Getting started with Subversion
Nowadays Git and Mercurial are the most widely used version control systems. It can be said that they succeeded the former used CVCS in nearly all areas. Nevertheless there is still a loyal user community of Subversion (SVN). Until today older repositories remain of importance. Subversion, is an open source alternative to the well known CVS. This article focuses on this last great version control system supported by SCM-Manager and it’s integration into the Eclipse development environment. Please note that this is a beginners tutorial focusing on the basics. This is the last post in our beginners series about the most common version control systems in Eclipse. Previous articles were Git and Mercurial.
Installation of Subversion in Eclipse
While CVS is integrated in Eclipse, SVN is not. There are two main different plugins available to add SVN support: Subclipse and Subversive. At the Eclipse marketplace you can find both plugins and since both feature all SVN capabilities it is a question of taste which one you want to use. It is possible to install them side-by-side, hence it’s no problem to test both of them and choose a personal favorite. Some users report that Subversive might be a little bit faster than Subclipse, but we did not find any measurable prove.
Because installation and usage of these plugins resemble each other, we will treat them as one and only point out variations as they occur.
Use version control in your project
Eclipse allows two options of adding SVN connection to a project: add a new connection to existing code or build a new project from an existing repository codebase.
To add version control using SVN to your project you need an existing repository to commit your changes. This will be provided by your administrator or, if you use SCM-Manager and have the appropriate rights, you can simply add a new Subversion repository via SCM-Manager’s web interface.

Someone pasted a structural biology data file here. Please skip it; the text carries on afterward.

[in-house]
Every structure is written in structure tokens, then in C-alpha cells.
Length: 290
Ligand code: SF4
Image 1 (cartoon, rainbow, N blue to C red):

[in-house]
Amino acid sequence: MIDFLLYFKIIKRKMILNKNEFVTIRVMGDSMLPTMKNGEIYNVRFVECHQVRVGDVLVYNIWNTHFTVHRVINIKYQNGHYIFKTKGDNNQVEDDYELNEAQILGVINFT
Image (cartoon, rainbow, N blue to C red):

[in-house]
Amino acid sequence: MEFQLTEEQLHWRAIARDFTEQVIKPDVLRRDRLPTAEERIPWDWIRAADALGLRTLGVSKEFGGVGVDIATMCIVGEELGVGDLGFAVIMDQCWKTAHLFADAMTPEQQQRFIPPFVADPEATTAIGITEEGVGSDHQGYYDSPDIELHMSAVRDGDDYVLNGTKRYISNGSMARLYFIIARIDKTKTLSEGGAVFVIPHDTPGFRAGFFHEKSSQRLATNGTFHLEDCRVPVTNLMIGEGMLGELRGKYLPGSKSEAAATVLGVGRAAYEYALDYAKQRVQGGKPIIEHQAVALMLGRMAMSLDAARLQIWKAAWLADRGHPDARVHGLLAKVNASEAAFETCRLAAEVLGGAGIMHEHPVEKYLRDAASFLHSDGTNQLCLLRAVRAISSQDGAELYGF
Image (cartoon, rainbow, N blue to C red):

Right-click the project in the “Package Explorer” then select “Team → Share Project…“ and choose SVN in the the following dialog. If this is your first time to use one of the Subversion plugins you will be asked to add a repository location. This location will be saved and is available for later use in other projects of your workspace.
Note: Subversive and Subclipse do not share their repositories. Therefore you have to add the locations separately for both of them.
Enter your user name and password and Finish the dialog.
The “Package Explorer” indicates that your project is now under version control by Subversion.
To add a new project from existing code in Subversion you choose “New → Project → SVN → Project From SVN”. Add your repository location as described above. Now finish the dialog by choosing the type of project you want to add and Eclipse will add a new project connecting Subversion to your workspace.
Hint: If you want to disconnect a project afterwards, right-click the project and choose “Team → Disconnect”.
Now that the project is successfully configured you can try out your first commit.
Commit changed code to repository
To commit your changes right-click the project in the Project Navigator and choose “Team → Commit”.
Subversion and SCM-Manager
That’s it, now you can use Subversion in Eclipse. Subversion might be an older representative of version control systems it is still used through a wide range of projects. However we recommend you to check out a distributed version control system like Git or Mercurial. These are more likely to fit the demands of modern work processes. With SCM-Manager you can host and manage repositories of different kinds on the same server.
The easiest way to share and manage your Git, Mercurial and Subversion repositories.Getting started